This aspect takes us back to that earlier comment about mismatches. If the overall ethos of a supplier is different to yours, the fit is not going to work. If your business is primarily focused on quality and price, it means you’re prepared to compromise on speed if necessary. If the supplier stands on the price and speed line, it means he’ll cut corners on quality if that’s what it takes to get the orders out on time.
Clearly, there’s a mismatch and potentially, a disaster waiting to happen.
There are some areas in which every business needs to be aligned. Corporate social responsibility, equal opportunities and ethical business practices fall into this category. But the “clean” metric specifically considers sustainability. There is an expectation among all our customers that we must work to reduce our carbon footprint. What commitment has the supplier made to sustainability, and how can it demonstrate its adherence to these commitments?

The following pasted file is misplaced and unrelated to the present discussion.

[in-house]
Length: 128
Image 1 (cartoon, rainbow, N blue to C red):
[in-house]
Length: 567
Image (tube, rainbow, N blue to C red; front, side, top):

How can Kodiak Hub ensure you’e working with clean suppliers?
Kodiak Hub’s solution makes it easy for you to gather sustainability data on your supplier, and if needed, via our collaboration function send out necessary corrective actions you want your supplier to take to meet your requirements. Check out Supplier Relationship Management: The Heart of Sustainable Sourcing
Good communication is a cornerstone of any business relationship. How does the supplier communicate with clients? Phone, Slack, in-app chat functionality, there are more ways now than ever. How do their preferred communication channels align with yours? Also, what about out-of-hours contact? Few businesses have the luxury of working nine to five anymore, is there a way to get hold of someone in authority 24/7 should you need to do so?
Supplier appraisal is nothing new. Businesses have always “shopped around,” but in years gone by, the process had traditionally been ad-hoc, and conclusions were retained either in the head of the procurement manager or at best in a few notes in a supplier file in excel.
Carter’s 10 Cs provide a way to formalise the process that leads to stronger supply chains and ultimately helps a business meet its core objectives. Kodiak Hub provides the tools to help you manage supplier appraisal effectively so that it is an ongoing process of continuous improvement and easy to monitor.